Procedural justice, participation and power distance: Information sharing in Chinese firms

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Journal Article
Management Research Review, 2010, 33 (1), pp. 66 - 78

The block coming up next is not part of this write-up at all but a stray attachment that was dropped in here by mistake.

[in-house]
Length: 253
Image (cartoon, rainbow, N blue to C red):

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Purpose - The purpose of this paper is to investigate the extent to which procedural justice influences a manager's decision-making behaviour and the extent to which managerial values related to power-distance moderates the relationship between participation in decision processes and procedural justice. Design/methodology/approach - A questionnaire survey was conducted in this study. Dependent variables were the degree of participation in decision making and the degree of sharing information with subordinates. Independent variables were procedural justice and power distance. Findings - The findings suggest that procedural justice is related positively to encouraging initiatives and information sharing. The findings also indicate that power distance moderates the relationship between procedural justice and decision-making behaviours. Although managers were inclined to share information with employees when they believed in procedural justice, high-power-distance values would weaken such a positive link. Research limitations/implications - The study explores the moderating role of power distance in the formation of perceptions about procedural justice but the interactive and distributive justice of managers are not included here for a comprehensive understanding of organizational justice. Another limitation is that the sample in the study was limited geographically to the regions of Southern China. Practical implications - Emphasis of procedural justice among managers throughout the hierarchical system of an organization would be an effective way to improve both management effectiveness and employee performance. However, while managers develop warm relationships with their employees, they still share information reluctantly with employees in decision making when the intent is to maximize power. Originality/value - The perspective of managers, which is adopted in this study, makes it original compared to previous studies of procedural justice. Such studies take the standpoint of employees or student subjects. Another contribution is that the cultural construct of power distance is analysed with managers at the individual level. Further, the study sheds light on important managerial issues related to the relationships between procedural justice, participation and the moderating effects of a manager's value orientation within the context of China. © Emerald Group Publishing Limited.
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